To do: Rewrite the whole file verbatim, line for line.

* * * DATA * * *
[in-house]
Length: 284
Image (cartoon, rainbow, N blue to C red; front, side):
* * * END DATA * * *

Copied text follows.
[in-house]
Length: 284
Image (cartoon, rainbow, N blue to C red; front, side):